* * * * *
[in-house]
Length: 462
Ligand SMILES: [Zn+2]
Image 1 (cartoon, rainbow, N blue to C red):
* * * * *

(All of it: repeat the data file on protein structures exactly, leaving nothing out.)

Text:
[in-house]
Length: 462
Ligand SMILES: [Zn+2]
Image 1 (cartoon, rainbow, N blue to C red):